(Part one of a series)
By Jennifer M. Hinkel, NCCN eBulletin Editor-in-Chief, and Ed Li, NCCN eBulletin Drugs and Biologics Editor
This is the first of a series of NCCN eBulletin articles on challenges in oncology patient safety.
In the context of treating patients with cancer, “patient safety” is amplified. At the same time, some of the patient safety goals set forth by national organizations, such as The Joint Commission, become seemingly complex when applied to oncology, and especially when applied to the provision of outpatient oncology services.
One challenging area for oncology patient safety is the use of oral anticancer agents. Management of oral agents that carry a high risk of adverse events or those that have complex dosing schedules is a relatively new hazard in the scope of patient safety. Moreover, some oral agents are prescribed as part of a treatment regimen that includes both parenteral and oral therapies, making issues of schedule and dose potentially more confusing for patients.
“At every step of the process, there are vulnerabilities,” said Dr. Saul Weingart, MD, PhD, vice president for Patient Safety and director of the Center for Patient Safety at Dana-Farber Cancer Institute. Dr. Weingart and his team have conducted research on the safety challenges specifically associated with oral chemotherapy (see Weingart SN et al. “Oral chemotherapy safety practices at US cancer centers: questionnaire survey.” BMJ 2007; 334: 407.)As one example of a vulnerability in the prescribing process, few cancer centers or practices have the capability to prescribe oral agents electronically in a system that would alert the prescriber with dose limits or potential drug interactions.
Another significant challenge with oral chemotherapy safety is that unlike parenteral therapies, where a patient is closely monitored by an infusion nurse or other clinician during and after treatment, oral agents are taken at home. For a vulnerable patient population, keeping track of the frequency, cycle, and dose of an oral agent may be especially difficult. Patients may underestimate the risks associated with oral chemotherapy. Anecdotal reports of patients taking “extra” doses in an effort to “get better faster” (i.e., “over-adherence”) are alarming, and most likely result in toxicity. On the other hand, patients may skip doses for reasons ranging from side effects of the medication to the co-payment cost of refilling a prescription, potentially leading to inferior outcomes. (Partridge AH, et al. Adherence to Therapy with Oral Antineoplastic Agents. J Natl Cancer Inst. 2002;94(21):652-661). Adherence to therapy is difficult to monitor, especially when a patient is on long-term oral therapy and may not be coming to the clinic or infusion room on a regular basis.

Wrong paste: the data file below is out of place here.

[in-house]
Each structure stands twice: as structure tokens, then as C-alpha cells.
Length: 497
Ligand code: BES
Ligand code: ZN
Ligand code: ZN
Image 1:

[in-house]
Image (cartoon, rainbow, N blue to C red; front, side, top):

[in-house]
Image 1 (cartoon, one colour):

Some risks with oral chemotherapy are less well documented. OSHA, Occupational Health and Safety Administration, and ASHP, the American Society of Health-System Pharmacists, have strict guidelines on how oral chemotherapy should be handled and administered by practitioners. However, in the case of oral chemotherapy taken at home, the patient or a caregiver fills this role of handling and administering the agent. For example, in pediatric oncology, parents of patients may be handling oral chemotherapy agents, but may be unaware of precautions to avoid any potentially harmful exposure. As one precaution that can be partially managed by the prescriber and pharmacist, patients should be dispensed a formulation that requires minimal manipulation to prevent family contamination and exposure that might occur when, for example, a tablet must be broken in half to achieve the desired dose.
Cancer centers and oncology practices are employing new techniques to help reduce the patient safety risks associated with oral chemotherapy and to better monitor adherence. Some of these approaches “borrow” from other specialties, such as public health, where “Directly Observed Treatment” or DOT for tuberculosis has long been a mainstay of keeping patients adherent to a course of oral therapy. While directly observing patients on oral chemotherapy may not be realistic, centers and practices are incorporating telephone outreach into their methodologies for gauging adherence to oral therapy and monitoring for potential adverse events. This type of outreach, combined with greater patient education and the development of tools to help patients understand issues such as cycles and scheduling of oral therapies, have the potential both to increase adherence to oral therapies (and thereby improve health outcomes) and to reduce the risk that patients will experience harm associated with oral anticancer agents.